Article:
If You See a Yellow Ribbon on a Leash, Give That Dog Space
When you're out on a walk, does your dog sometimes need to stay away from other dogs? If you saw a yellow ribbon tied to the leash of a dog, would you proceed with caution and give the pooch some space? This is the hope of a Yellow Ribbon campaign we discovered on the Pit Bulls: Lost/Found/Missing/Stolen group on Facebook.
Reasons a dog might need “space” are listed, and the goal is to let people know not to approach the dog. Perhaps your dog is in training, has health issues, or had a previous bad experience around other dogs. Whatever the case, the campaign is designed on the principle of respect. That is: My dog needs space, so kindly respect it.
I’ve yet to see a yellow ribbon on a dog’s leash in my travels, but perhaps this is something that needs to catch on. The “Yellow Dog” campaign website points out this ribbon is useful for owners of male dogs not to bring their animals close to female dogs in heat. The campaign has an accompanying Facebook page.
We're a little concerned that dissenters might see the ribbon as a “warning” notice that might fuel the “bully breeds are dangerous” mindset.
My thinking lends itself to “all dogs should have space,” and please do ask before you pet my dog. I particularly appreciate it when small children ask me first before petting my dog. My pooch looks like a walking stuffed animal, which can be a blessing as well as a curse. It takes an hour to get through the pet supply store (which can be a lot of fun) but only because we meet so many people. At times I wonder whether a yellow ribbon might be useful.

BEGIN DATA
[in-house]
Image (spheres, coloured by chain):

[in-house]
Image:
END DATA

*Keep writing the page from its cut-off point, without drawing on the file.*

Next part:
On the flip side, my dog is a Canine Good Citizen and one of the happiest little boys to walk the Earth, so I want him to be exposed to a lot of people and situations.
Apparently a red ribbon on the tail of a horse is a warning that it may kick, so people are advised to keep their distance. I discovered that while doing research for this piece. Did you know that?
Some dogs are timid in public, particularly if they have been abused, so the yellow ribbon might be a warning to stay back and let the owner work on the timidity at a measured pace.
What do you think? Have you seen a dog with a yellow ribbon? Perhaps you use one and would like to share your experience, good or bad?